The deadline for Brexit is coming fast, and UK lawmakers have still not come up with a plan that even a majority of Parliament can get behind.

What’s Next?

Parliament now has this week to decide if they are going to pass Theresa May’s Brexit plan.

If the deal is voted down again, Parliament could hold a series of votes to see where MP’s agree and disagree. That move could reveal if support for a second referendum has shifted at all given the recent changes to the Brexit negotiations.

While Parliament did vote against a second referendum in the past, there is support for it both among MP’s and the British populous.

Back in February, the Labour Party announced  that they officially supported a second referendum.

Labour Party leaders are also considering a plan by two of the party’s members where MPs would vote for May’s deal on the condition that it is then put to a public vote. That move would essentially allow the UK to vote on Brexit again without an official referendum.

While that might seem like a good potential option, it still relies on passing May’s unpopular Brexit deal.

Recent polls in the UK suggest that if there were another referendum, Britain could vote to remain in the EU.

A snap poll last week found that nearly two-thirds of respondents support remaining in the EU over Brexiting with May’s current deal.

If the options were remaining or leaving without a deal, remaining would still win.

Source: YouGob

Almost half of the poll’s respondents said they would support another public vote.

See what others are saying: (CNN) (Al Jazeera) (BBC)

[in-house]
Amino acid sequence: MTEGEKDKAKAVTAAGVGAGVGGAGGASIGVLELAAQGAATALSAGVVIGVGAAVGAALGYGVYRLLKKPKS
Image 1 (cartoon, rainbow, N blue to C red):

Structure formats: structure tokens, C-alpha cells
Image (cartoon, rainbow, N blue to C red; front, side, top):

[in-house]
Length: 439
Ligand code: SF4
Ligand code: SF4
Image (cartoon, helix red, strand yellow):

International

Petition Calls for Ban on Sexualized Fanfiction in South Korea

Published

on

  • A petition circulating across South Korea calls for sexualized fanfiction depicting K-pop stars and other real people to be outlawed and classified as sex crimes.
  • The petition particularly focuses on the way male stars are depicted in same-sex relationships and argues that they often feature people who are minors.
  • A similar petition was submitted last week to President Moon Jae-in; however, it focused on deep fakes. Because both petitions have over 200,000 signatures, they will need to be addressed by President Moon.

K-Pop Fanfiction Causes Chaos

A petition began circulating across South Korea this week demanding that “real person slash” fanfiction works be outlawed and charged as sex crimes.

“Real person slash” refers to a specific form of fanfiction that most often features sexualized versions of K-pop stars and other real people.

In particular, the petition focuses on the way male stars are depicted in same-sex relationships and the age of some of the people being portrayed. The petition notes, “due to the nature of the profession of idols, whose average age is young, many of the victims are still minors or children.”

The petition was submitted to the Blue House, South Korea’s version of the White House, and currently has over 200,000 signatures. It received a big boost in attention after K-pop star Nancy, from the group Momoland, was secretly filmed by a member of her agency while she was changing backstage. This person then doctored some of the images and uploaded them online.

While Nancy’s case isn’t hand-drawn fanfic, it did fuel outrage at what’s seen as an ineffective approach towards sex crimes in the country. Signers of this petition believe that these fanfics fall into the same category of likely illegality as deep fakes.

Deep Fakes Also Being Targeted

Additionally, just last week deep fakes – which often feature k-pop stars – had its own petition submitted to the president last week with over 300,000 signatures.

Because both petitions have over 200,000 signatures, they will need to be addressed by President Moon Jae-in

For years South Korea has struggled with secret cameras, deep fakes, revenge porn, and more violent sex crimes, such as the infamous Nth Room case that saw certain stars filming themselves having sex with women against their consent.

See What Others Are Saying: (CNA) (The Korea Herald) (South China Morning Post)